What Is Baby Phat Without Its Brandmaker Kimora?

August 30, 2010  |  

by R. Asmerom

What is Baby Phat without its spokesmodel Kimora Lee Simmons? Kellwood Co., the parent company to the urban fashion line, is apparently optimistic about that answer. Ever since the epitome of ostentatious celebrity indulgence announced that she would be leaving Baby Phat to focus on other endeavors, news has been circulating that Kellwood Co. actually fired Lee Simmons, although that has yet to be officially confirmed by reps.

Even though Baby Phat represents one of the first urban female centered lines to hit it big after debuting in 1998, it has not been immune to the wear and tear that accompany the life cycles of many popular labels.

“The brand has performed consistently well for the last few years, but in my opinion is getting a little “long in the tooth,” said Kristin Bentz, a retail industry veteran who writes about consumer retail stocks. “Like Juicy Couture, it tapped in to a certain demographic at a key moment in time and capitalized on that, but when recession rears its ugly head that target consumer gets stretched, and the brand undergoes stress. Brands like Juicy and Baby Phat that are fun and frivolous, but not classic luxury brands, are great– until the tide turns.”

Lee Simmons spun off BabyPhat from then husband’s Phat Farm line and quickly began to make a name for herself outside of being a former model married to a media mogul.

In 2004, Kellwood Co. bought Phat Fashions from the Simmons for about $140 million, retaining Lee Simmons as its creative director. It wasn’t clear how much Lee Simmons continued to influence the fashion direction of the company since then but it was always clear how much of a role she played in the company’s promotional campaigns. She and her two daughters appeared in many of the advertisements and many speculate that it may have been her expensive shoots and fees to herself amidst budget concerns that led Kellwood to cut her off.

“Whenever you have these celeb-designer creative directors, appeasing them and their lifestyle is fine while the money is rolling in,” said Bentz. “But these are desperate times at retail, and company managements have to answer to every dime spent. So, it’s no surprise to me that Kellwood allegedly sent her Jimmy Choo’s walking. This is not new–Versace went through this, Valentino had huge issues with this with Permira. Its just the nature of creative leaders–they like excess. And unfortunately we are now in the salad days of retail.”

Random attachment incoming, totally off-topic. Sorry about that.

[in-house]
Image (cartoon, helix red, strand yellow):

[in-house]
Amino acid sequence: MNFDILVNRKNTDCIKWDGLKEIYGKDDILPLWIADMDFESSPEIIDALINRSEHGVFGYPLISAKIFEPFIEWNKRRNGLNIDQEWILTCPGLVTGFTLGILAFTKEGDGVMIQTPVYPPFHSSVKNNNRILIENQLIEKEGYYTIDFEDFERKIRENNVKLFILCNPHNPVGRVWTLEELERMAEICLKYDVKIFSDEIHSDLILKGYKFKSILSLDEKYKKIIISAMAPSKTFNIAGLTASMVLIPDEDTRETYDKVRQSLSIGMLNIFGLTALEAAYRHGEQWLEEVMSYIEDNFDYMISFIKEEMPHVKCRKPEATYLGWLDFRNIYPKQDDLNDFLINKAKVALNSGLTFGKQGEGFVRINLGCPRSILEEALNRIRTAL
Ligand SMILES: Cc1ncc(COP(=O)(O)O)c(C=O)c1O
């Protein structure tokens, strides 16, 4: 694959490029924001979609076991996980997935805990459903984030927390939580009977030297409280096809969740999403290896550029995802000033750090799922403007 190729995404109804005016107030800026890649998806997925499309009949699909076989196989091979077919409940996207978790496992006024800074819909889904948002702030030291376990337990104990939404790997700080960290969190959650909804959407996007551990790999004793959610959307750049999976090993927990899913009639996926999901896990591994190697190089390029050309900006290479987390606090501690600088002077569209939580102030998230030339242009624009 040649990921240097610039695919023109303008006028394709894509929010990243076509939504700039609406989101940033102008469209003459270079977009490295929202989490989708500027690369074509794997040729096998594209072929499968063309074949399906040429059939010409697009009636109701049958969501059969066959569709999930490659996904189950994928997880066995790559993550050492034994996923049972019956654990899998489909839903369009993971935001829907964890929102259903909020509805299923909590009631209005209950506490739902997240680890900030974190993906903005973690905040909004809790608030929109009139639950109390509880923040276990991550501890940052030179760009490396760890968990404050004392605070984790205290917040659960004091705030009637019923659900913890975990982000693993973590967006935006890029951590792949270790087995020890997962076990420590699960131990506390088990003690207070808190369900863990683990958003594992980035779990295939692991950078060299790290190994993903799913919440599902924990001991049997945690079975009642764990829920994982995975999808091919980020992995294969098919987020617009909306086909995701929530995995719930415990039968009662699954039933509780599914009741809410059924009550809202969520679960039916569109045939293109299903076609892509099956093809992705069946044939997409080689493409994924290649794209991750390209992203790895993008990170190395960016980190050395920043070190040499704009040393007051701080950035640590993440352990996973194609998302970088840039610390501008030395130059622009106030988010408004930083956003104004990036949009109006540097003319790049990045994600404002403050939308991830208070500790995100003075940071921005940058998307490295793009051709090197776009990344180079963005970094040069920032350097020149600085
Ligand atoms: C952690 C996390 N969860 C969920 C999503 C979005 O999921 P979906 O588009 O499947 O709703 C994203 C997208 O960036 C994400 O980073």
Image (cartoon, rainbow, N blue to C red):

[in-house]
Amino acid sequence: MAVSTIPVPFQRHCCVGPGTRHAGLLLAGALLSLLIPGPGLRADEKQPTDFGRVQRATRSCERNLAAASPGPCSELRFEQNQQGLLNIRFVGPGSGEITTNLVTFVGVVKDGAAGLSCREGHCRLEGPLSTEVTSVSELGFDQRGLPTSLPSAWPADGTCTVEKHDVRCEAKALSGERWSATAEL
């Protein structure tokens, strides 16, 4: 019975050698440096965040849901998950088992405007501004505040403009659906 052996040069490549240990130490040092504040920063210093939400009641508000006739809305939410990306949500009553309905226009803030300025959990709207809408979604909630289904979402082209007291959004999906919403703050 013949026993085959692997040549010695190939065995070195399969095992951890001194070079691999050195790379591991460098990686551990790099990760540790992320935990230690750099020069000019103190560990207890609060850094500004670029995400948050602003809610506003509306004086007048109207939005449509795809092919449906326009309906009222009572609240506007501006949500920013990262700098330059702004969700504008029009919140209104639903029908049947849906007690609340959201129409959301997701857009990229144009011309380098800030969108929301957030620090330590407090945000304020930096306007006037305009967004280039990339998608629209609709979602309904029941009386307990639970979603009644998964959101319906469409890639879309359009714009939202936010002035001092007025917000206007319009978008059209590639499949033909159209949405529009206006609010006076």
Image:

Kellwood was in the news for being in some financial trouble last year. Then, the company, which is a major supplier to department stores, was thought to be on the brink of bankruptcy as sales slumped amidst weak consumer confidence during the recession.

“Kellwood did have some “nail-biting” moments financially about a year ago until it worked out terms on an $140 million exchange of its notes with Deutsche Bank and other bondholders”  said Bentz, adding that the company has been getting more aggressive with key acquisitions as of late. “Typically its a positive sign when a company begins acquiring new brands, and Kellwood seems to be holding its own in an extremely Darwinian time in retail. With discounts the rule of the day, middle market brands are getting killed trying to compete as more aspirational brands lower prices to remain competitive.”

With Kellwood CEO Michael Kramer actually looking to “double [the company’s] size in the next 6 to 9 months” it’s not clear whether Lee Simmons removal was a cost cutting measure or one involving creative concerns. While independent financial figures couldn’t be found for Baby Phat specifically, Kellwood was estimated to have generated $800 million in sales last year according to The Wall Street Journal. Whatever the case, Lee Simmons won’t be falling on hard times as she has several other ventures, including a reality series, apparel lines and a line of fragrances, to prop her up.

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